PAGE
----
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Astrophysicist: Quit calling our sun an “average star”


The average star, Adam Frank says, is not like our sun:

That whole “average star” meme works great if you want to make it seem like we are nothing special at all in the Universe. But from a stellar census point of view, it’s just not true.

The Sun, our happy fusion parent, is simply not average. Understanding why opens the door to some of the most interesting astrophysics in the Universe: the story of star formation…

The most common kind of star to emerge from the star formation process is much smaller than the Sun. These stars, called “M-dwarfs,” are not just less massive; they are also smaller, with radii about half that of the Sun. They are cooler, too, with surface temperatures about 3,600° Kelvin compared to the Sun’s nearly 5600° K. Finally, they are much less bright, shining only 0.05 times as much light into space as the Sun.

All these facts are more than mere astronomical trivia. Because these smaller stars are much more numerous, there will be more of them close to us than stars like our Sun. And since we are very interested in finding planets with life in the Universe, the commonality and nearness of these M stars means that they are the places that we will be doing most of our life-hunting. But can life form using the meager energy from such dim, cold stars?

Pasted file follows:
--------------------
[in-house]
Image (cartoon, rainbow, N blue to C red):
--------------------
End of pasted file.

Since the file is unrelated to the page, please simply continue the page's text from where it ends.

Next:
Adam Frank, “What is the “average star” like? Hint: It’s not like our Sun” at Big Think (February 10, 2022)

But to admit that our Sun is not “average” would be to raise the dreaded spectre of fine-tuning. Facts that raise such a possibility can’t be treated as facts. Correct people simply continue to iterate that our Sun is an average star.

You may also wish to read: Templeton tries to wish away fine-tuning of the universe. So there you have it, folks. Fine-tuning is either a fluke or a multiverse. No other possibility is conceivable. Maybe science is about eliminating the concept of intelligence from the universe.

It depends on what the meaning of "average" is . . . kairosfocus

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